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Royal Victoria Building, Edinburth

Royal Victoria Building

One of the UK’s first factory-made buildings, a new healthcare facility was delivered with a quarter fewer workers and 20 weeks faster than possible using traditional construction.

Western General Hospital / Edinburgh, UK


The Royal Victoria Building, a £35 million facility, was built for NHS Lothian, part of the National Health Service. It provides 147 single-occupant bedrooms, specialized geriatric, rheumatology, and dermatology wards, plus assessment and treatment centers.

Constructing the facility faced special challenges. Working space at the building site, located on the main hospital campus, was restricted. Construction-related noise and impact on traffic had to be minimized. The campus is bounded on one side by a main traffic artery and on the other three by a one-way “blue light” route used by ambulances.


Mott MacDonald was retained by contractor Laing O’Rourke to provide detailed civil and structural engineering design.

The Royal Victoria Building was designed as a precast reinforced concrete structure. Walls, columns, stairs, lift shafts, and floor slabs were all factory-made. Wall panels were prefitted with windows, making the building weathertight without the need for glaziers. Stairs came with handrails prefixed and were safe for use straight away. Bathroom pods for each of the 147 patient rooms were delivered to site plumbed and finished, ready to connect to building services.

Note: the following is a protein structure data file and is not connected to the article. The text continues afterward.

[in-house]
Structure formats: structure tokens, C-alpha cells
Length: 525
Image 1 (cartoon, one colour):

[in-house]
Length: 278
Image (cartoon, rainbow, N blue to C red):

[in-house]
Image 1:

Precast components came from Laing O’Rourke’s factory in Nottinghamshire, which uses robotic production methods like those in the automotive industry. Mott MacDonald applied building information modeling (BIM) to a detailed 3D model developed in close collaboration with the architect, the client’s staff, the building services designer, and Laing O’Rourke’s fabrication supply chain.

The components for Royal Victoria Hospital had almost no exposed reinforcement, but were fabricated with matching sockets. Steel dowels were inserted into these and cement grout poured around them to form a permanent connection. The grout cured within hours, allowing quick construction.


The 3D design allowed health service staff to visualize the facility and comment on the layout during the early design stages. At the factory, dimensions, and structural information from the 3D model became reference points for production. Reinforcement was cut, bent and laid out robotically. Concrete was mixed to the right strength in precisely the right quantities, eliminating waste.

The schedule was reduced from an estimated 110 weeks using traditional techniques to 90 weeks, allowing the hospital to take shape with amazing speed. The manufacture and assembly process also delivered outstanding safety performance.

Considerate Contractors, a body promoting higher standards in the construction industry, gave the project its highest award: Gold.

bathroom pods delivered
ready to connect
weeks cut from construction schedule
modeling allows hospital staff to visualize facility

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